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The Banks - why the strong banking sector

  1. Henrik

    635 Posts.

    If US sneezes, our bank chiefs are laughing
    By Mark Westfield
    June 12, 2002

    FEARS of a double-dip recession in the US and the market's trashing of three of Australia's leading stocks is putting a grin on the faces of the country's bankers.

    ANZ, Commonwealth, National Australia, St George and Westpac shares moved to record or near-record levels this week on the back of some complex warrant plays – as the shares go ex-dividend – and an investor retreat from so-called growth and cyclical stocks. The money isn't standing still. It's moving aggressively into defensives.

    To the logical and rather more prosaic reasons for the flow of funds can be added an element of speculation ahead of possible corporate activity.

    Potential targets ANZ and St George Bank have been the sharpest risers, with ANZ jumping 49c yesterday to a new record of $20.38 and the Dragon adding another 44c also to a new high of $20.45.

    Although none of its potential suitors, NAB, ANZ or Suncorp Metway, can contemplate a move before July 1, when its restrictive articles of association expire, they are unlikely to be as eager as this, preferring to wait for some bad news that would pull the share price downwards. At these prices, St George is a bit rich for a buyer.

    "I wouldn't be waiting on July 2 for an announcement of a deal," was Deutsche Bank analyst Ross Brown's tip yesterday.

    AMP remains in a sub-$17 trough, and its shareholders must be sorely regretting the decision of its former chairman in late 1999 to reject an offer of $21.50 from the NAB.

    The next offer will be treated much more seriously. The bank mooted to make the next offer, Westpac, will have done its homework on its quarry more thoroughly too. Bank boss David Morgan was coy when AMP's name was mentioned to him yesterday, but he can hardly rule it in or out at this stage.

    Star performers of the late 1990s growth era, News Cor poration (publisher of The Australian), Telstra and AMP cannot continue to promise the strong incremental earnings and revenue increases to which the market had become accustomed, nor can they hope to deliver the heavy dividend fully franked streams of defensives like the banks.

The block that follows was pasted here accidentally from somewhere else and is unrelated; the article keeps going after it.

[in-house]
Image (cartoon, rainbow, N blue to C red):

Telstra is struggling to hold its ground as a growth stock, but the market won't accept the story and wants it to be a yield investment, again like the banks.

    AMP is unloved because the investment markets where it makes most of its money are riddled with doubts and falling. Management isn't giving shareholders much hope of finding a solution to the insurer's slump either.

    As a result, investors are saying goodbye and moving to high-yielding safe havens. Even the prospect of further interest rate increases isn't discouraging investors.

    The banks will take another rise or two yet before their generally ungeared corporate customers get into trouble. Retail borrowers may show signs of distress earlier – with household debt running at 110 per cent of income. But with most of this borrowing in the form of home mortgages, these clients will take a lot of pain before handing the keys over to their friendly branch manager.

    Frank Cicutto at NAB and David Murray at Commbank will be delighted with their new-found market popularity. If there is to be a shake-out and the possibility of four pillars shrinking to three, or even going altogether, they'll want their invasion curency to be as high-priced as possible.

    St George will be expensive for any buyer, even NAB.

    Having been frustrated for a year or more in the UK, Cicutto's patience will be tested to the extreme by knowing that if he doesn't start talking to Gail Kelly at St George, perhaps John McFarlane at ANZ will.

    The big test for four pillars would come next. Murray has more form as an acquirer than any of the current crop of bank chiefs. With Colonial almost bedded, and with his stock find ing new highs (up 66c to $34.71 yesterday) he has the currency to buy any bank or institution he wants – bar NAB (it's too big) and Westpac( because he'd have Allan Fels to reckon with).

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